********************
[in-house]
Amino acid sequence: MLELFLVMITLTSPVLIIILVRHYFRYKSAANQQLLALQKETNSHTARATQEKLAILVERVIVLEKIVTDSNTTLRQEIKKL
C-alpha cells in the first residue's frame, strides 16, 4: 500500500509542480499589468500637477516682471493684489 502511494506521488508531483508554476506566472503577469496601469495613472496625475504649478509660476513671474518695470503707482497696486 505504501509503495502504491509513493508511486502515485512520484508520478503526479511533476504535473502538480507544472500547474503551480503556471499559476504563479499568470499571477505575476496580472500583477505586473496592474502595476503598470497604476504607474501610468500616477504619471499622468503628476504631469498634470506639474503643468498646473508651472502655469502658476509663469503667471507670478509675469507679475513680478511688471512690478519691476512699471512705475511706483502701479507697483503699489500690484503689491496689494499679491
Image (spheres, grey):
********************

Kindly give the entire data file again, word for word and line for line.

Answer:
[in-house]
Amino acid sequence: MLELFLVMITLTSPVLIIILVRHYFRYKSAANQQLLALQKETNSHTARATQEKLAILVERVIVLEKIVTDSNTTLRQEIKKL
C-alpha cells in the first residue's frame, strides 16, 4: 500500500509542480499589468500637477516682471493684489 502511494506521488508531483508554476506566472503577469496601469495613472496625475504649478509660476513671474518695470503707482497696486 505504501509503495502504491509513493508511486502515485512520484508520478503526479511533476504535473502538480507544472500547474503551480503556471499559476504563479499568470499571477505575476496580472500583477505586473496592474502595476503598470497604476504607474501610468500616477504619471499622468503628476504631469498634470506639474503643468498646473508651472502655469502658476509663469503667471507670478509675469507679475513680478511688471512690478519691476512699471512705475511706483502701479507697483503699489500690484503689491496689494499679491
Image (spheres, grey):